I believe that everything in life happens for a reason. We may not understand it right away, but all I know that each of us has a God given destiny.

I believe that we are the chosen ones to deal with these difficult situations because we can.

I believe that remaining thankful for everything throughout difficult times keeps our heart from allowing anger to stay and develop into bitterness.

I believe that new purposes arise from difficult times.

I once believed in “why me?” Along with extremely difficult experiences with Andre, a new purpose in my life has emerged. Today, I am able to help others through their time of difficulty. I now ask a new question: “Why not me?”

Sunday, February 15, 2009

Social Experiment on FaceBook

Chances are, if you've come across this blog, you're likely also involved in a social network of one kind or another online. Many are on FaceBook... so we've created a bit of a social experiment, trying to pass the word onto others about heart defects and, hopefully, create a free-flowing community of supporters for the cause. If you're on FaceBook, you can find us under causes at "CHD Awareness Campaign."

From time to time announcements about various events throughout the nation will be posted. The cause is not affiliated with any group, but if funds are raised (and some have been), they will all go to the Children's Heart Foundation to further research.

Saturday, February 14, 2009

The Care Behind the Kids!

Mark O'Shea and the Staff of the Pediatric Heart Institute at Vanderbilt Children's Hospital (Nashville, Tennessee) are back! But this is not a music video... it's a nine minute look at the Doctors, Nurses, and Staff of the Heart Institute and what they do. We present this to you on Valentine's Day with love and best wishes from both Kim and Steve!

Thursday, February 12, 2009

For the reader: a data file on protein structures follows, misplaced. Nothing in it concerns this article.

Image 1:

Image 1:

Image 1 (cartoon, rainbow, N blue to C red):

Carrying the fight to the enemy

175+ people affected by Congenital Heart Defects (CHDs) attended Lobby Day 2009 in Washington, DC! The attendees were CHD Survivors, their family members, and their cardiologists. Brought together by the National Congenital Heart Coalition (NCHC), members of seven different CHD support groups united to to promote the Congenital Heart Futures Act, a new law that, if passed, would establish permanent federal funding for CHD research. It would also mandate that Congenital Heart Disease is a chronic Illness requiring lifelong care.

After a briefing/training session, attendees were split into groups by geographic location and sent to meet with their Senator or Representative. Steve didn't lobby, but stayed in contact with the groups via telephone and Twitter and blogged the event. His contacts reported fourteen congressional visits, with a high majority of them receiving a positive or very positive reaction. And obviously, those were only a fraction of the total number of visits.

Steve had personally been worried that the vote on the Stimulus bill that was occurring in the Senate would be a "distraction" from our promoting the Congenital Heart Futures Act. It may have been; we will never know. But Lobby Day had been scheduled many months in advance and just happened to fall on the same day as the vote; the only thing that could be done was to work around it.

Although from different groups with varying levels of lobbying experience, our lobbyists meshed quickly and worked together as a team. After all, we have a common enemy: Congenital Heart Defects are the #1 birth defect. A new CHD is detected (diagnosed either at birth or later in life) every 14 minutes! So in the ten hours of Lobby Day 2009, there were 42 NEW cases of a Congenital Heart Defect reported.

The Congenital Heart Futures Act will ensure that their life experience with CHD will be vastly different than ours. That's why this fight is so important.

Tuesday, February 10, 2009


There's a great new blog out there by Teri Martin, an adult CHD survivor... Inspiring Hearts. Teri's personal blog, Finding Inspiration Every Day has often been a source of solace for me during stressful work days - she lists simple things she loves, reasons to be happy, tidbits of her life. And her art work is amazing. She says her art is a direct result of her CHD - while other children played sports that were not an option for her, she pursued art - and is thankful for her gift. (Some of her art is featured in this post - more can be found on her Etsy site!)

Here's Teri's story, and an introduction to the wonderful things she's doing to spread awareness, create cohesion in the CHD community between the generations of survivors and to infuse others with hope, creativity and a passion for life.

Inspiring Hearts
by Teri Martin